Fried: I think it looks like a lot of rules like we’re seeing today and a lot of pain on both sides. For example, the U.S. banning Huawei. Huawei isn’t what powers most U.S. networks. No big deal, right? It turns out, it’s actually a really big deal. The U.S. banning Huawei right now also means that Huawei can’t support all of its existing networks and devices which are used throughout the world. You might say, “OK, great, that’s more business for Ericsson and Nokia,” which are companies not based in the U.S. but at least based in Western Europe. The problem is, Huawei served a very important role and serves as a very important role in bringing internet to the developing world. It’s gear is much, much cheaper. There are parts of the world where building a modern cell network isn’t cost effective using Nokia or Ericsson gear. It only makes sense if you have a lower cost option.
Kim: How are U.S. tech companies feeling about the conflict?
Fried: Interestingly they’re staying pretty quiet in and of themselves. I think they’re all making plans quietly. We’re not hearing from a lot of the companies most affected. The Qualcomms and Intels and Googles of the world are saying pretty little. Who we are hearing from are their trade groups, the folks that they have on their behalf lobbying in Washington. I’ve talked to folks from the Semiconductor Industry Association from CompTIA, which represents a large swath of the tech industry. They’re saying, “We want this settled. We want U.S. interests protected. We want intellectual property protections, but we want a deal.”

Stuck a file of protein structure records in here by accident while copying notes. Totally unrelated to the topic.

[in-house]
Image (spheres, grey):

Related links: more insight from Jed Kim
Who are the winners and losers in a tech cold war? A Bloomberg article makes the case that it’d be a boon for Chinese tech giants. That’s because the Chinese government will have to redouble efforts to develop homegrown semiconductors and chips. That means pumping in lots of money.
On the other hand, the Atlantic calls the current situation a “Gift to U.S. Tech Companies” — the gift being that more attention focused on foreign tech companies means less attention paid to the peccadilloes and problems our own tech giants have at home.
What does all of this mean for you? TechRadar has an initial breakdown of how the Google break with Huawei will affect end users. There’s a lot of uncertainty over whether phones will continue to have access to Android security updates.
What about laptops? The Verge calls Huawei’s MateBook X Pro one of the best Windows laptops available in the U.S. But at the moment, Microsoft appears to have removed Huawei laptops from its online store.
One thing I haven’t seen that I’d dearly like to read is an analysis of China’s many historical instances of technological isolationism and how that may or may not inform the current situation. If you come across something, send a link my way to firstname.lastname@example.org.
Finally, because if I’m asking for something, I should also give, I’ll share an article from Grist that looks at fifth-generation wireless technology and weather forecasting. Yes, 5G promises to make data transmission a dream, but it has its downsides. Frequencies that phone carriers want to use could cause a lot of potential noise for weather satellites. That means dropping the accuracy of weather forecasting by up to 30%, or as one expert told a House subcommittee, bringing predictions back to where they were in 1980.